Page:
A Damn Expensive Hobby…Or Is It? – Part 4 – Malifaux
As it’s just undergone a major overhaul we’ll have a look at Malifaux…
Though in the case of ‘Skirmish’ scale games it’s more difficult to make direct comparisons with Games Workshops current systems it’s worth noting that in the past they actually did a number of games with smaller model counts. They had Necromunda and Mordheim amongst others and they had a number of rule-sets for their systems geared towards low points values including rules for campaigns involving Warbands in Warhammer Fantasy and Combat Patrol for 40K (which some people locally still play, actually).
Though these systems were half heartedly supported (if at all) some of them were a lot of fun and even fairly well balanced (broadly speaking, that is) and if we ignore skirmish type games in this series then we’re going to bypass a significant number of quality systems, characterful models and also a group of games that generally have a low buy in. Therefore despite their lack of a direct comparative system we can still compare skirmish games to Games Workshop systems in the areas of game balance, model quality, background material and the relative cost of starting a system. Whether your using five models or a hundred and five certain concepts cross-over…concepts such as “Is this fun?” for example…
Rule-set and Game-play.
The rulebook itself is laid out well with each section in a logical order as well as having some fairly self explanatory diagrams in each section in order to further illustrate the rules discussed in that entry. There’s artwork and small bits of background material throughout with some appropriate stories relating to each faction before their section in the book
For those of you not aware of the fact, Malifaux uses a deck of cards rather than dice which gives the system a unique feel. A standard 54 card deck (you need a Red and a Black Joker) can be used though you’ll need to convert the playing card suits to the ones that Malifaux uses (there’s a conversion chart in the rulebook for those people not using an ‘official’ Malifaux deck). This is obviously a significant difference from most systems and is very different from how Games Workshop generates it’s random values but it’s something you’ll quickly get used to…flipping a ‘1’ is exactly as annoying as rolling a ‘1’ given the same ‘trying to hit something’ situation.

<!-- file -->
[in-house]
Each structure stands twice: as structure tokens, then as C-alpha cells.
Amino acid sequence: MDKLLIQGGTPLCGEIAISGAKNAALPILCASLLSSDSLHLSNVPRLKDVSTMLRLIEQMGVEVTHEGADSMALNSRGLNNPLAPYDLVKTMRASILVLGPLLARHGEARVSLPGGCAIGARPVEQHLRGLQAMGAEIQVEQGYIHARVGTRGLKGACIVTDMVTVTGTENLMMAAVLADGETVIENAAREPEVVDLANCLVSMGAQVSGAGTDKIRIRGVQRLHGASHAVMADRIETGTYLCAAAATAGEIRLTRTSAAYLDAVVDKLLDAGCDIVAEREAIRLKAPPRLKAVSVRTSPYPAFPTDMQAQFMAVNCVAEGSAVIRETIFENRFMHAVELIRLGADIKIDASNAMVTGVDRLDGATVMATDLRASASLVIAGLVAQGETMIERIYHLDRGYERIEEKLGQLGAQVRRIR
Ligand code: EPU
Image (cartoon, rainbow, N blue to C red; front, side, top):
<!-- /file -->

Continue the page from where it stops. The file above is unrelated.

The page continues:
The actual game mechanics are fairly simple and Malifaux 2nd Edition has made significant improvement in the rule-set. Each model has a number of ‘Action Points’ that can be spent on either generic Actions (Walk, Charge, etc.) or specific Attack or Tactical Actions from their stat card. Each action has a starting value to which the value of the card is added (Sh for shooting, Ml for Melee and Ca for casting) and in the case of spells and such there will be a target number (TN) to reach. These attacks are defended against by flipping a card and adding it to the value of either Defence (Df) or Willpower (WP) depending on the type of attack. Rather helpfully all these stats are included on the models card in the section appropriate for the ability.
The difference between your value and that of your opponent (if you equal or beat it, that is) decides how many cards you flip for damage and whether you pick the highest (a ‘positive’ flip) or the lowest (a ‘negative’ flip) and the value of the card will relate to either a Weak, Moderate or Severe set of damage from the attack or in some cases you’ll simply have some condition inflicted upon you. This is the only aspect of the system that people have trouble with as it’s quite different from the method used by most game systems but becomes second nature after a turn or two.
As the first wave of Beta testing was very intensive system balance is spot-on and the models not covered in the first wave are currently being beta tested as we speak and I expect the result of that to be just as well balanced. As certain models have synergy with one another your selection will have an impact on the effectiveness of your force but generally the deciding factor is player skill.
There are very few models in the range that I don’t like but that’s generally a matter of personal taste rather than an issue with the models themselves. Wyrd Games are currently in the process of updating all their crews to new plastic versions with the current plan being to release two each month. If your interested in looking at the new plastics or even some of the old metal models then there’s an extensive selection of unboxing articles here which cover many of the old starter sets and all the new plastic ones amongst other things…there’s also some assembly notes in there.
Some of the models do admittedly have a few twiddly bits on them to assemble but as your dealing with such a small model count it’s not that significant an issue as it would be assembling thirty identical ones with the same problem. The new plastics also lack any of the issues sometimes encountered with the use of resin and have none of the issues we’ve come to expect from the now notorious ‘Finecast’ material recently introduced by Games Workshop. The poses are also very dynamic and characterful though this can occasional create issues with transportation…
|Good luck transporting this guy in a standard carrying case slot…|
…though I suppose this is a small price to pay for such dynamic models…